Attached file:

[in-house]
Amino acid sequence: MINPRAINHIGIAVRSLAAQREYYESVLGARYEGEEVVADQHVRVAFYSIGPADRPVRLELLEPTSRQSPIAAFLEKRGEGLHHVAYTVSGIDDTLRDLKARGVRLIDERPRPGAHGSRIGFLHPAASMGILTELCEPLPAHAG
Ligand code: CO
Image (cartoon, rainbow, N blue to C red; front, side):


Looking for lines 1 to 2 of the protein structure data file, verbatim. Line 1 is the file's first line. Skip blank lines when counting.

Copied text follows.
[in-house]
Amino acid sequence: MINPRAINHIGIAVRSLAAQREYYESVLGARYEGEEVVADQHVRVAFYSIGPADRPVRLELLEPTSRQSPIAAFLEKRGEGLHHVAYTVSGIDDTLRDLKARGVRLIDERPRPGAHGSRIGFLHPAASMGILTELCEPLPAHAG